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Small businesses often have to make do with limited resources, and this is especially true when it comes to IT. Software, servers and other hardware can be extremely expensive, so many startups are forced to get creative when it comes to working within a tight budget. If you’re starting an IT company from scratch, the last thing you want is for money to become the primary bottleneck. In a small business, every dollar counts. That said, there are several things you can do to keep your costs down without sacrificing quality or efficiency. This article will walk you through the ins and outs of how to budget a small IT startup. Keep reading to discover everything you need to know about keeping expenses low while simultaneously maximizing ROI – no matter what stage of planning and implementation your company is in right now.

What You Should Know Before You Start Budgeting

You might find yourself wondering how to budget a small IT startup if you don’t have any experience doing so. Fortunately, there are a few things you can do to prepare yourself before diving into the numbers. First, you should do a thorough initial assessment of the needed infrastructure, licensing, hardware/software, subscriptions, insurance, etc. This will vary depending on the type of IT business you’re starting, but it’s important to be realistic about how much you’ll need. Next, you’ll want to consider your financial situation. How much cash do you have available to spend on IT equipment? What are your long-term financial goals? Will any of the items on your budget cause a strain on your finances? Once you’ve answered these questions, you’ll be ready to start budgeting like a pro.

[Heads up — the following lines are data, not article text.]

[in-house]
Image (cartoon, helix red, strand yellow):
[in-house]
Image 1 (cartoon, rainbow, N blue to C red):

Which Technology Should You use?